Do Financial-Sector Innovations Improve the Lives of Poor People?
Do financial-sector innovations actually improve the lives of poor people? That question fostered a lively debate at the Mastercard Foundation Symposium on Financial Inclusion (SOFI) held in Accra, Ghana on November 7-9.
Moderated by Khalil Shariff, CEO of Aga Khan Foundation Canada, the debate tackled the resolution: “innovations in the financial sector can no longer respond to the daily challenges of poor people.”
FINCA DRC’s CEO, Mamie Kalonda, and Graham Wright from MicroSave argued for the resolution. Tamara Cook, Head of Digital Innovations, Financial Sector Deepening Kenya, and Elhanan Owureku Asare, Regional Head of Consumer Distribution, Ecobank, argued against it.
(Debaters were chosen to debate one side of the topic, regardless of their own personal viewpoints.)
Financial technology—or “fintech”—companies have proliferated across Africa, but they have not fulfilled their promise to improve the lives of the poor, Kalonda and Wright argued. Most rural areas simply don’t have the infrastructure that allows fintech innovations to function properly.
“Only 50 percent of poor people in Africa have a mobile phone,” Wright noted, “and according to a 2016 report in The Economist, the majority of those phones are feature phones, not smart phones.” Wright added that villages have limited or no electricity, which makes it difficult to charge phones, and often, people must travel long distances just to obtain a signal. These obstacles make it difficult for poor people to use and benefit from any of the newest fintech innovations. “Only 12 percent of over 200 fintech deployments have reached over one million accounts,” added Kalonda.
The team cited other obstacles, too. First, poor households have few smartphones, and men typically own the feature phones in those homes. This leaves women with limited or no access. Second, the amount of data needed to make fintech transactions can be prohibitively expensive. Third, low-end smartphones simply don’t function well enough to enable many fintech innovations; they have very limited RAM, a short battery life, screens that shatter easily, and a persistent problem with “fat finger errors” that make many of them unusable. Yet these very flawed devices are supposed to ensure that the poor can access financial services.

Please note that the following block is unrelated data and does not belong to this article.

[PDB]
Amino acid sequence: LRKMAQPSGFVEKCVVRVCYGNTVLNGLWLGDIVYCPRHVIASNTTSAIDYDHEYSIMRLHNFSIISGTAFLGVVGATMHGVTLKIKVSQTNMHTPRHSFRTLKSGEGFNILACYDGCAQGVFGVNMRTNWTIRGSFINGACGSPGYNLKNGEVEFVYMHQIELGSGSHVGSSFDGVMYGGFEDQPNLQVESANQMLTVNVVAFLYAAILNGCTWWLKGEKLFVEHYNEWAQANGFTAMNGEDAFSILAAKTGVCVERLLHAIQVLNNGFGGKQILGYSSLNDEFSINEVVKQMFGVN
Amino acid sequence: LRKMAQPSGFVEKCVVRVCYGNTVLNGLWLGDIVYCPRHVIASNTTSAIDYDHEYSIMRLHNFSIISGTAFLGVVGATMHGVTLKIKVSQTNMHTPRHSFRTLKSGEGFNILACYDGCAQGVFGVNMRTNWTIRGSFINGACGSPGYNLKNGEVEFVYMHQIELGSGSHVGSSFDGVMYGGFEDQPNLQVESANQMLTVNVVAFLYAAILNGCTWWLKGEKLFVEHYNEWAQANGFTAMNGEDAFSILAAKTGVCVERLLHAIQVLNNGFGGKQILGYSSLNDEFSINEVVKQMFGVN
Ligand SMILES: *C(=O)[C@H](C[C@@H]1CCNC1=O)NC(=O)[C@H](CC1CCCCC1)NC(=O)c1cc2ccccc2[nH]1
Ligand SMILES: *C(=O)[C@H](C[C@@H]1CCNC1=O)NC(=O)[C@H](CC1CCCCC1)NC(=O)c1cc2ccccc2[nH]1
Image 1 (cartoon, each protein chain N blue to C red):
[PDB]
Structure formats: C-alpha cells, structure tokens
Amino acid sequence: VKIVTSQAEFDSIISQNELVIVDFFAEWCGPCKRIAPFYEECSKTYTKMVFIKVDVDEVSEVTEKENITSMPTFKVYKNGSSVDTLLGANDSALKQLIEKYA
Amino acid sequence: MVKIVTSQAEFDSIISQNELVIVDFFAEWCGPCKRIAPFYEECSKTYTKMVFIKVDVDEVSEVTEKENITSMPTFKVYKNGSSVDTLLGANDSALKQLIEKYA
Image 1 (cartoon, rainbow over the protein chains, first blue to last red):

Kalonda and Wright also faulted fintechs for failing to develop user-friendly applications, particularly for African communities where digital literacy is low. Fintech solutions target the elite and often leave the poor behind because they simply don’t understand the needs of poor customers. Graham Wright suggested that fintech innovations haven’t helped to reach the very poorest: those who cannot read. “According to the World’s Women Report 2015,” said Wright, “there are 781 million illiterate people on the planet.”
Fintech deployments have also failed to protect low-income consumers. Poor people continue to lose money through fraud, and many are blacklisted because they cannot repay the dozens of small digital loans offered to them. “Digital credit is literally tearing the lives of the poor apart,” said Kalonda. “Over 2 million Kenyans are being black listed for loans that are just under $5.”
Tamara Cook launched a forceful rebuttal by arguing that if it weren’t for fintechs, the majority of the world’s poor would still be excluded from financial services. “Banks took 125 years to reach 25 percent of the Kenyan population,” noted Cook, “but it’s taken only two years for fintech to reach and double that number.”
Both Cook and Elhanan Owureku Asare argued that fintechs have helped re-organize data, which in turn has created more innovative mechanisms for delivering financial services to the poor. Credit scoring models, for example, create efficiency and save time for those seeking to access capital. Even low-income clients can now apply and secure credit approvals in just a few minutes.
Fintechs have also improved access. The traditional brick and mortar branch infrastructure is fading away as more and more people access financial services digitally. Some innovations run through USSD (unstructured supplementary service data) enabled menus. USSD channels create a real-time connection with a better response time than SMS (short message service) messages, and are available even on very basic phones.
Cook and Asare also noted that fintechs have provided consumers with better options to pay for goods and services. Pay-as-you-go solar plans have brought light to many rural homes, and pay-as-you-go school fees mean that many more children from poor families can now attend school. These and other incremental payment options wouldn’t be possible without fintechs’ having built the rails onto which new product innovations have been layered.
At the end of the debate, the audience voted Cook and Asare the winners, concluding that, indeed, financial technology innovations had made progress in helping the poor to improve their lives.
And ultimately, debaters on both sides agreed on several key points: fintech innovations need to be more inclusive, easier to use, and designers should work harder to provide greater consumer protection and empowerment.
The conclusion mimics FINCA’s own viewpoints – despite the fact that Mamie Kalonda argued against fintech. By investing in financial technologies, FINCA is helping to close the financial exclusion gap and allowing more unbanked communities access needed financial services. Throughout our network, FINCA has launched digital technologies, such as mobile banking, mobile savings, agency banking, digital field automation and biometric fingerprint technology and alternative credit scoring. FINCA’s approach is to adopt and scale these technologies with strong consumer protection while still maintaining close relationships with our customers.